• Binge-viewing sometimes pulls away from stylistic elements, but “People Persons” features a really strong montage, as we move left to right across all of the inmates in a series of tableaus. Not sure it had a whole lot to say, but it was arresting, especially since all the lights are on.
  • The one benefit of judging the inmates by their files: a bit more detail on their past. There were five frozen bodies in Red’s fridge when she was arrested, for example, and Piscatella rightfully presumes the Russian mob had something to do with her ending up in Minimum Security.
  • Perhaps it just shows how disconnected I became with elements of the Suzanne flashback, but I was spending much of the climatic scene trying to figure out what PS2 game they were playing. I think it was Sonic Riders, but didn’t get a close enough look.
  • I do wonder if the show moved too quickly in having Piscatella randomly transferred to Litchfield—I know why it happened (to create this storyline), but when he talks about his respect for criminals who stab him, and shows no interest in getting to know them as people, I’m not sure I understand why he would want to work in Minimum necessarily. What was in it for him? I think I’d like more context for his decision.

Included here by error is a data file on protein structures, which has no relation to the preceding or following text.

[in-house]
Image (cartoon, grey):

• So do we think there was actually anything in the garden when Coates was guarding it and got spooked? We clearly saw the corn rustling, but was that just what he was seeing? Or could someone have actually been tampering with the crime scene?
  • Can we have a moment of silence for Taystee’s watch? It didn’t deserve its fate, but it was probably doomed to it, given Taystee’s pride turning it into an easy target for Dixon (whose “Jigaboo” act was a thing and a half).
  • I brought up Maureen’s file in the previous review—we still haven’t paid that off, so was it there just to help explain why she might be brought into this room? We’ll see if they follow up in the season’s penultimate episode.
  • Also, am I the only person who thought that Maureen was volunteering to fight Sankey on behalf of Suzanne, instead of volunteering to fight Suzanne? I was very confused for a second there.
  • Linda admitting that she’s never even been inside a prison—because “it never seemed necessary”—would be chilling if it didn’t feel so obvious already. It’s still an incredibly dark note, and I’m in disbelief that Caputo would still go home with her afterwards.
  • “It depends on if you want to be aware or oblivious in the end”—well, what would we choose, y’all?